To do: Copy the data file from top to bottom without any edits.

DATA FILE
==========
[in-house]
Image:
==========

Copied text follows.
[in-house]
Image: